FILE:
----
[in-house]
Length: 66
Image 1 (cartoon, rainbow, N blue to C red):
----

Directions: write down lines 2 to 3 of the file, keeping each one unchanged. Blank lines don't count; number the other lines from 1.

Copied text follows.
Length: 66
Image 1 (cartoon, rainbow, N blue to C red):